Another senior aid worker, who also asked not to be named, said, “The way camps are being ‘closed’ is just an excuse to create ghettos. The only difference between those ‘closed’ camps and the ones that are still classified as open is the individual housing. No rights have been changed.”
“We can already see the effects of segregation happening with the new generation of Rohingya young people speaking less and less Rakhine language. The separation is going to get worse and this just fuels the fear of the other ethnic group,” the aid worker said.
UNHCR spokesperson Ms Aoife McDonnell told Frontier on the subject of camp closures, “The serious risks involved, the biggest of which is the permanent segregation of all Muslims in central Rakhine, have already been raised with the Government and other key stakeholders in Myanmar and outside”.
“The core of the issue remains freedom of movement. Without freedom of movement, displaced Muslims, the vast majority of whom are stateless, do not have access to livelihoods and basic services, in particular health and education,” she said, adding that UNHCR is “strongly advocating” with the government to lift movement restrictions as a precondition for durable solutions.
McDonnell acknowledged that “the humanitarian imperative versus do no (further) harm principle dilemma has been a very challenging one for all humanitarian actors in Rakhine, including UNHCR,” and that the agency was considering how to strike the right balance.
An emailed statement attributed to Ostby read, “The UN would support a consultative, voluntary resettlement of IDPs that addresses human rights, pathway to citizenship and freedom of movement for these communities.”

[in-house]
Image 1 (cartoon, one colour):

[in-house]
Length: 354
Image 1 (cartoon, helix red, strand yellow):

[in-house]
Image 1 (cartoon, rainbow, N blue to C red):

Dr Ko Ko Naing, a director-general at the Ministry of Social Welfare, Relief and Resettlement involved in implementing camp closures, told Frontier that the ministry had “received feedback and comments” from UN agencies about the government’s camp closure strategy, and that they would hold workshops with the UN agencies and international NGOs to discuss it further.
He said the government’s approach was “in line with international standards and practice” and that they are “providing assistance to everyone without discrimination”.
Win Myat Aye told Frontier, “We are working towards harmony between the two communities [Buddhist and Muslim]. We are also holding many dialogues between communities, administrators and other [project] implementers.”
“The difficulty is in building trust and confidence between communities. Rakhine people and Muslims have little confidence and trust in each other,” the minister added.
He said his ministry would try to return camp residents to their original homes and lands but that, in many cases, this was “difficult”. He said, where this was not possible, they would be returned to “a place close to their place of origin.”